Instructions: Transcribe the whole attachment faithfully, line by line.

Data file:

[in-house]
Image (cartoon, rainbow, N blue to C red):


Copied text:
[in-house]
Image (cartoon, rainbow, N blue to C red):